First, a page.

Archive for July, 2004

Wonders of the Chilean economy

I’m still wondering the chilean economy and society. I’ve learned that Chile’s main trading partners are Europe, click United States, Japan and China, in that order. Big, strong, established, and very progressive (especially China) economies, no doubt. So what’s the problem? I am asking where is Argentina, Brazil and Mexico – the three biggest economies on the continent!?

Ok, Mexico comes rights after China. Maybe because they buy chilean wine, and chileans buy back mexican beer. Big deal. Besides, Mexico is in North America, thousands of kilometres away while Argentina is just across the border. Brazil is also close by. However, Chile isn’t even a part of Mercosur, a trade agreement where Argentina and Brazil trade together. My question is why. Where is the European Union of South America?

Someone who has worked here in European embassies for more than twenty years gave an interesting analysis: while the chilean economy may have changed, the people have not. They don’t think global in the sense US and Europe do. They don’t act united. They don’t develop technological skills that would be needed outside. Chile still continues to buy all relevant technological knowhow from international companies. They buy everything from cars to electronics and even foodstuff abroad. Far away abroad.

In the end, Chile just inreases consumption and may not produce anything interesting to world markets in the long term. What is more, the consumption is hazardous. Those with access to capital seem to admire american standards (SUVs, shopping mall culture) without any regard to natural preservation (heavy air pollution, litter etc). They don’t ask what they can do for their country. They ask what their country can do for them.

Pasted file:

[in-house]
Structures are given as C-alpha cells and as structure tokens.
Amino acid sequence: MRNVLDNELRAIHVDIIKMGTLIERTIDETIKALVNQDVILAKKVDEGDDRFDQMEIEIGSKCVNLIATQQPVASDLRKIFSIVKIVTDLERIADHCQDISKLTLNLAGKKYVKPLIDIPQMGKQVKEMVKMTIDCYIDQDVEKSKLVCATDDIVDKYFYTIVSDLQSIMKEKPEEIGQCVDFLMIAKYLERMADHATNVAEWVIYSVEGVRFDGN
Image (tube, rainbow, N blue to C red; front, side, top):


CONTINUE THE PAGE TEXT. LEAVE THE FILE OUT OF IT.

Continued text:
The flip side of the development aid bandwagon is that according to figures Chile is so developed it won’t get too much foreign aid funds anymore. The result is a country stuck in between a developing nation and a developed one. Not a very interesting place businesswise. You may sell your stuff or ideas here. But if you are not into wines and copper, I don’t know if you can buy anything out from here or start a new venture in here.

My rather pessimistic end conclusion is that this place won’t be the edge of the world in my lifetime. I hope this is just the angst of the first one and a half months in Santiago. I hope I’m wrong.

Published in: Economy, Politics | on July 20th, 2004 | 1 Comment »

Chile’s missing past

We recently visited a few history museums in Santiago. It was strange to notice we didn’t find anything after 1973, sickness just if the period after Pinochet came into power would not exist. Every official notice seems to agree that the country went into near chaos in the early 1970s. But nobody seems to know what happened after 1973. My spanish teacher – who has been able to give some light to the issues – said that chilean people are apolitical these days. Ask about social stuff and they put on their TV to watch local soccer, clinic american soap or the national channel’s nightly sex talk show (featuring ‘cool’-looking gray men in their fifties). I can’t believe they’re having fun.

Published in: Politics | on July 14th, 2004 | No Comments »